During the US Thanksgiving holiday, we will be making some changes to our usual trading hours. These adjustments will take place between Wednesday 27 November and Friday 29 November 2019, after which we’ll go back to normal trading hours. (All times below are GMT). Wednesday 27 November Usual closing times on US markets, US equities post-market open as normal. Thursday 28 November US equity markets will be closed. US index futures close early at 6pm. We will make an out-of-hours price on Wall Street, US 500 and US Tech 100 until futures re-open at 11pm. The Volatility Index closes early at 4.30pm. US Crude closes at 6pm, Brent Crude closes at 6.30pm. The US 30-Day Fed Funds Rate and the US Dollar Basket close at 6pm. Metals, including Gold and Silver, close at 6pm. US soft commodities will be closed. London Sugar No.5 closes early at 5pm. Friday 29 November US equity markets will close early at 6pm. There will be no pre or post-market trading. US index futures and the Volatility Index will close early at 6.15pm. We will make an out-of-hours price on Wall Street, US 500 and US Tech 100 until 9pm. US Crude closes at 6.45pm, Brent Crude closes at 7pm. The US 30-Day Fed Funds Rate and the US Dollar Basket close at 6.15pm. Metals, including Gold and Silver, close at 6.45pm. Cotton opens late at 1pm. Chicago Wheat opens late at 2.30pm. US soft commodities (except New York No.11 Sugar) will close early at 6pm. Lumber trades 3-6pm, Live Cattle trades 2-6.15pm. The futures desk and all 24-hour indices close at 9pm, FX closes at 10pm. Let me know if you need clarification on this.
  8. 1 point
    Do you have an interest in building long-term wealth through investing? Have you always wanted the chance to ask an expert a specific question about portfolio management, or find out more about IG's and BlackRock's trading strategy for our Smart Portfolios? We are giving you the opportunity to ask your questions directly to our Portfolio Managers here at IG. You can be part of a new article series here at IG called 'Ask the Portfolio Manager' by simply commenting your question below. What is this article all about? We are creating a new article series where the content is driven solely by your questions. Once we have collected your questions we will get them answered by one of our Portfolio Managers. We will then post the article on the IG Investments site and here on the IG Community also. You can ask us anything, but to give you some inspiration questions can be on: IG Smart Portfolios Investing strategies Macroeconomic events/news Product questions Questions on understanding a certain topic/strategy More general questions on IG or the Portfolio manager's themselves So, to get involved just post your question below - even if you don't have an account with IG you can create an account on the community and post a question! Who are IG's Portfolio Managers? Sam Dickens, Portfolio Manager, IG Smart Portfolios: Sam joined IG in 2014 and has worked as a portfolio manager for IG Smart Portfolios, our online wealth management platform, since its launch in February 2017. He has a degree in Economics and has previously worked at Capital Economics - a leading independent macroeconomic research company. He also holds the Investment Management Certificate qualification (IMC) and has passed CFA Level 1. George Bear, Assistant Portfolio Manager, IG Smart Portfolios: George joined IG on the graduate scheme in 2018 and has just recently joined the Smart Portfolio team as an Assistant Portfolio Manager. Prior to his recent move, George worked on the trading floor at IG, as a Sales Trader, and on our premium accounts relationship management team. He is a CFA Level 1 candidate and has a degree in Business with Economics.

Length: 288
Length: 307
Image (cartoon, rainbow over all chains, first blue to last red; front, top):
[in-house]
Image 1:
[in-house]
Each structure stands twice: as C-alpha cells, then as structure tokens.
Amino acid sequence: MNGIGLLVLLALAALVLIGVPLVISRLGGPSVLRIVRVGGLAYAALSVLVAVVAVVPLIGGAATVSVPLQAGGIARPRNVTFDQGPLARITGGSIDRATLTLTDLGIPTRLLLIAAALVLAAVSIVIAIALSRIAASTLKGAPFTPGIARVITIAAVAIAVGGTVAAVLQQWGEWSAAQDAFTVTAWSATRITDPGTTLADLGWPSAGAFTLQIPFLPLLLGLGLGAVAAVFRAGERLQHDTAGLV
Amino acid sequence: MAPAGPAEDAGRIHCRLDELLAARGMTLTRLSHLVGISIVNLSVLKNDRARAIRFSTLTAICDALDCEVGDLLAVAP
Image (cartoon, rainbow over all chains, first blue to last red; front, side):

9. 1 point